In 2006, Dr. Elmer's four-physician clinic was the first ThedaCare site to explore using the lean approach to redesign care. The changes came as physician leaders examined where the system was falling short in primary care, said John Toussaint, MD, the ThedaCare CEO who pushed for implementation of lean management. In 2008, he moved to a position as CEO of the ThedaCare Center for Healthcare Value, an independent nonprofit that helps leaders at other health care organizations learn how to use lean techniques.
“We had done a lot of work with the outpatient setting,” Dr. Toussaint said. “What we found is that the patients who came into the office generally didn't leave the office with a single plan of care, and the reason they didn't was because we didn't have any lab results, x-ray results or results, period. We made everybody come in the week before to take their blood tests, etc., then at the time of the exam they needed five other things. Then they had to come back for the results, days or weeks later. … We said, 'It could work a lot better than that.' ”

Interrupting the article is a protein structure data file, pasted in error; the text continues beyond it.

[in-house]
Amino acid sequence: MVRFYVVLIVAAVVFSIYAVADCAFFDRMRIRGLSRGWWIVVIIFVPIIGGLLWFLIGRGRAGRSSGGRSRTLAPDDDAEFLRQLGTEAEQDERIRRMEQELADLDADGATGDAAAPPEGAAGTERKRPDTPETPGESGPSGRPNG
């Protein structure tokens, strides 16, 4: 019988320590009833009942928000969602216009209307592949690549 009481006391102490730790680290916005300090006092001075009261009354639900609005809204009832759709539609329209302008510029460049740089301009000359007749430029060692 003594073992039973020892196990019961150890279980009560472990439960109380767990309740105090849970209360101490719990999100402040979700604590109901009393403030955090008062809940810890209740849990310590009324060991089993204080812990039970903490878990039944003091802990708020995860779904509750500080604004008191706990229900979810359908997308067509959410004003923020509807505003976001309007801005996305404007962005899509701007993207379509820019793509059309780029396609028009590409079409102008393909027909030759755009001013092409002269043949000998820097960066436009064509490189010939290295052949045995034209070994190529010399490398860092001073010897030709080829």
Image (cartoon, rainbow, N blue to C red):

Now, about 90% of the lab tests or imaging studies typically needed in primary care practice can be done on-site.
“Ninety-five percent of the time, the patient should now walk out of the office with the plan of care, with medication changes, referrals and follow-up items done right then and there,” Dr. Toussaint said. “We're using these principles to streamline flow, to reduce the waste in the system, all focused on delivering a better patient experience.”